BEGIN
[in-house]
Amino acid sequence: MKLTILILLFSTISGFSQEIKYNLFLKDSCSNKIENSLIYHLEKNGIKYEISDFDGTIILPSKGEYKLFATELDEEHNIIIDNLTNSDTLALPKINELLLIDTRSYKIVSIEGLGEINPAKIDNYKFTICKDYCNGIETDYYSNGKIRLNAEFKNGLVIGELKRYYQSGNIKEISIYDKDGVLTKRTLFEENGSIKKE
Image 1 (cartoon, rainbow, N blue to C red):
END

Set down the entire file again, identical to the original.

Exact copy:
[in-house]
Amino acid sequence: MKLTILILLFSTISGFSQEIKYNLFLKDSCSNKIENSLIYHLEKNGIKYEISDFDGTIILPSKGEYKLFATELDEEHNIIIDNLTNSDTLALPKINELLLIDTRSYKIVSIEGLGEINPAKIDNYKFTICKDYCNGIETDYYSNGKIRLNAEFKNGLVIGELKRYYQSGNIKEISIYDKDGVLTKRTLFEENGSIKKE
Image 1 (cartoon, rainbow, N blue to C red):